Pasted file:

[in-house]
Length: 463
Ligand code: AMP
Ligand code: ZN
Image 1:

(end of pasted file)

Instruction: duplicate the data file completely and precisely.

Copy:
[in-house]
Length: 463
Ligand code: AMP
Ligand code: ZN
Image 1: